Louisiana confirms first known case of CWD

Louisiana wildlife officials have confirmed that a bull killed by a poacher on private land in Tensas has tested positive for chronic wasting disease this week, making it the state’s first known case of degenerative brain disease. In response, the Louisiana Department of Wildlife and Fisheries announced a ban on deer feeding and carcass export in the parishes of Tensas, Franklin, and Madison. The emergency order went into effect on February 4.

Although CWD can be present in deer that appear perfectly healthy, the antelope in question was noticeably “weak” at harvest time, according to an LDWF press release. The condition indicates advanced CWD, thus making the whitetail a “high value sample” in the state’s current CWD monitoring efforts. The National Veterinary Services Laboratory in Ames, Iowa, tested the sample and confirmed the suspected case.

“This is what we feared,” the association’s secretary, Jacques Montos, said in a press release. “We will count on the diligence of our hunters, property owners, deer handlers and taxidermists to monitor and help control the spread of CWD.”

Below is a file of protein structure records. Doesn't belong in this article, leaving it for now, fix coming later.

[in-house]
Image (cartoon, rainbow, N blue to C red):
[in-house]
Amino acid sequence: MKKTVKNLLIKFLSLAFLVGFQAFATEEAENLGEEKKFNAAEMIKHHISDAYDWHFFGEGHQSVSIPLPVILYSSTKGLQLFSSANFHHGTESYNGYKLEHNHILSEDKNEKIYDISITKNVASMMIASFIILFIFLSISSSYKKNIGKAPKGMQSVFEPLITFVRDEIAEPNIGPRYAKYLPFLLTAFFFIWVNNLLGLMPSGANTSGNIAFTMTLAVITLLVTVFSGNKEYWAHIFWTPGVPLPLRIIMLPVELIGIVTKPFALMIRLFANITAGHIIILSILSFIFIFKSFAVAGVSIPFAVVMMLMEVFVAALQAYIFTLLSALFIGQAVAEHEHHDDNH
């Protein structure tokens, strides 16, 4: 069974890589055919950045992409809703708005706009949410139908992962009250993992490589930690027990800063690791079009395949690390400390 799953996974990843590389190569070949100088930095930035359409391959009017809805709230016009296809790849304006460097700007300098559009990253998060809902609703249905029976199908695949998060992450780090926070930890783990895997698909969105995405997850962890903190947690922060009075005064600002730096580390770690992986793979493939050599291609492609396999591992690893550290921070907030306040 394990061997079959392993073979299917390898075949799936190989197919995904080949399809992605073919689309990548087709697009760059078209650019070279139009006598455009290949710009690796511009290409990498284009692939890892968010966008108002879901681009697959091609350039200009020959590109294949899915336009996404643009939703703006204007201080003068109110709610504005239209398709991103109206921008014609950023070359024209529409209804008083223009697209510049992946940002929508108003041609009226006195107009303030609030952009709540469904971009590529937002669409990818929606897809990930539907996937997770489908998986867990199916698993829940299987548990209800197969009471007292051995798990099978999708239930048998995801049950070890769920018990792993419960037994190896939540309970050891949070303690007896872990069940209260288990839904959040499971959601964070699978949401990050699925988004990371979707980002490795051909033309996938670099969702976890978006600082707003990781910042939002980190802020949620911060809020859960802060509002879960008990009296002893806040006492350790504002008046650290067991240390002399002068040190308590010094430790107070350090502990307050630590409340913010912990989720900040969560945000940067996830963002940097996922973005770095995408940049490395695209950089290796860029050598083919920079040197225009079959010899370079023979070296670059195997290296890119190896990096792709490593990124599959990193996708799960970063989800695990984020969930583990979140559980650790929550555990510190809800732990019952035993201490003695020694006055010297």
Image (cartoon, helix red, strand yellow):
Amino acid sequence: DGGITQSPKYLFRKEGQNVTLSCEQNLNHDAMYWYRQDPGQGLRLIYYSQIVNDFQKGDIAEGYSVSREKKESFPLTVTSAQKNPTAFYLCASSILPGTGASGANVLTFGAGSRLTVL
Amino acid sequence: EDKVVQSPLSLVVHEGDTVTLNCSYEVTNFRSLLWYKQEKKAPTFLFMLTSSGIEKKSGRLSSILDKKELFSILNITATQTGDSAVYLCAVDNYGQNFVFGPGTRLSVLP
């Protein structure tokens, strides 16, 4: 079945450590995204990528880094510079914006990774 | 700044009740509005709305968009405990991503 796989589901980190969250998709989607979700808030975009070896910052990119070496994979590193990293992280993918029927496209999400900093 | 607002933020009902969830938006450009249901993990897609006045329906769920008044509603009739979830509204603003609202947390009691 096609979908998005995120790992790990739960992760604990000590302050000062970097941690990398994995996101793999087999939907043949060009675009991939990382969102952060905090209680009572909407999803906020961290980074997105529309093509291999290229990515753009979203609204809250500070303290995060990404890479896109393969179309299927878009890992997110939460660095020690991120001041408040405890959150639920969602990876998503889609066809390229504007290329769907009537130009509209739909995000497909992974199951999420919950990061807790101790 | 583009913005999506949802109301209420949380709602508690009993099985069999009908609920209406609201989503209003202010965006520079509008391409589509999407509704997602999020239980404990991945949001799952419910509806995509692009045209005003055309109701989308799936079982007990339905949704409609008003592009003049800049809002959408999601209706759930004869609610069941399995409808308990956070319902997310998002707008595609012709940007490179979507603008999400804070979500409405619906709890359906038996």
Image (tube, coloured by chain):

The news was disappointing but not surprising for state officials, who ramped up CWD surveillance in northeastern Louisiana after three deer were recently tested positive in two adjacent Mississippi counties. The first case was found in 2018 in Issaquena County, while two other cases appeared in Warren County this past hunting season. Warren County and the Parish of Tensas are located along Davis Island.

Although some Louisiana shooting seasons remain open through mid-February, deer season ended in January in parishes under an emergency order. Current emergency restrictions imposed on the three parishes include a ban on the export of high-risk deer parts, including most bones and untreated taxidermy. Approved for transportation of boneless, shredded and rolled meats, heads and clean skins.

Read next: If chronic wasting disease is a killer, why not find CWD-killed deer in the woods?

Meanwhile, all supplemental feeding of deer, including with salt and mineral licks, has been banned in Tensas, Franklin and Madison counties to reduce exposure risks among deer concentrated at feeding sites. An unattractive bait for deer is still allowed to hunt stray pigs as long as they are inside the trap itself. Hunters in Louisiana who wish to submit deer for testing can find more details here.

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